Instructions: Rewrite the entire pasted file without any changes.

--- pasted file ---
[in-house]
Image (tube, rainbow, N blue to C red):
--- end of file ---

[in-house]
Image (tube, rainbow, N blue to C red):